If it doesn’t make dollars, it doesn’t makes “sense”.
How much should you expect to spend on maintenance for your rental home?
One of the hardest conversations we have in our relationship with our clients is the call where we tell them that something is broken and we need to spend their money.
I often tell people who ask about our industry, “If you can make that call, you can make any call.”
Many savvy clients have asked on the front end what they should expect or budget for a yearly maintenance expense.
I’ve been managing my own homes since 2004 and managing for others since 2008. I had a general idea of how much money each house was spending, along with the factors that cause that to go up or down.
But I had one question that I wanted to check first . . .
Then naturally, you could expect to spend MORE than that with a tenant in the home; since as a homeowner, you probably do some of the work yourself.
Also, you own the home, so you aren’t as naturally hard on it as the average tenant. We are speaking in complete generalities, but I hope you get my point.
We have great tenants. But the average tenant doesn’t take care of the home the way the average homeowner who is living in that home takes care of it.
While doing some research, I ran across an interesting article. It did a great job of explaining the factors that affect the yearly maintenance of a home and some general formulas to work with.
They were startlingly close to what I was thinking.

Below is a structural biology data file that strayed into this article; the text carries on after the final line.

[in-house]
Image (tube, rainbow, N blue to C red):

I decided to include it here versus regurgitating the information they so eloquently provided.
While the 1% rule and the Age Rule (both cited in the article) are a great start, I think it is most important to point out all the other factors that affect the maintenance costs.
When people ask me this question, my first response is . . .
1. How old is the home? Older homes simply cost more to maintain. This is one place I differ from the article. I don’t care how well you’ve taken care of the home, a home that was built 100 years ago will cost more to maintain than a home built 5 years ago.
2. When was the last time you updated the major systems of the home – electrical, plumbing, hvac, roof, etc? These major systems are big ticket items and can move the needle very quickly on how much you spend on the maintenance.
3. Where is the home located? This speaks to the type of tenant who traditionally will live in the home. If you have a low income person who lives on a monthly subsidy, then you will spend more. Chances are they run the air twice as much and flush the toilets twice as much; i.e. causing these types of items to wear out much faster.
Being prepared for us to call you for a repair item can make all the difference in the world. Homeowners who live paycheck to paycheck should actually consider not renting. Especially if a phone call to tell you about a $750 item is going to keep them from having Thanksgiving that year.
If you have questions about your current situation or would like to find out more about budgeting for maintenance items and rental property, please reach out to us via the link below. We’d love to help.
Contact a gkhouses Representative.